THF Conservation Grant 2019/2020
Song of the Gibbons is a collaboration between the School of Social Sciences and the School of Biological Sciences at Universiti Sains Malaysia (USM). It is part of an innovative three-year study using passive acoustic monitoring to better understand gibbon population ecology in and around Taman Negara National Park. The study enlists members of the Bateq hunter-gatherer community at the fringes of Taman Negara National Park as co-researchers. It is led by anthropologist Lye Tuck-Po, who has a longstanding relationship with this community.
Research on the effects of habitat degradation and human predation on gibbon populations in Malaysia is currently poor. There is little reliable information on gibbon population densities in protected areas like Taman Negara National Park as well as forest outside the park. The study will help to answer some of these questions and could lead to collaborations with the Department of Wildlife and National Parks (Perhilian) to develop more targeted conservation actions.
By enlisting the Bateq as researchers to glean additional insights into gibbon demography and behaviour, a more nuanced understanding of the human-alloprimate interface in the study site will be produced. Findings from this study will be applied to evaluate the conservation status of gibbons, ultimately improving their protection.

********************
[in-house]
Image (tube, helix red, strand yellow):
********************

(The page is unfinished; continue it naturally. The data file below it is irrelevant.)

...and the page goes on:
A THF Conservation Grant will complement existing project financing from both USM and a National Geographic Explorer Grant. These funds will primarily be used to engage Bateq field researchers and facilitate their travel to Penang for data analysis. It will also contribute to the cost of organizing a Sound Analysis Workshop at USM, run by trainers from the Cornell Lab of Ornithology in Ithaca, New York. This workshop will strengthen capacity building among local researchers who are using bioacoustics monitoring technology.
Dr Susan Lappan from Appalachian State University, United States, who is studying the behavioural ecology of gibbons is an advisor to this study. Dr Lappan is also a member of the International Union for Conservation of Nature (IUCN) Section on Small Apes and the country coordinator for the IUCN Malaysian Gibbon Action Plan.